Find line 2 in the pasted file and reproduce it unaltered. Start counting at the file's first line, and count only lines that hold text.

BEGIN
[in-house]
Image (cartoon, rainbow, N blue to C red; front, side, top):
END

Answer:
Image (cartoon, rainbow, N blue to C red; front, side, top):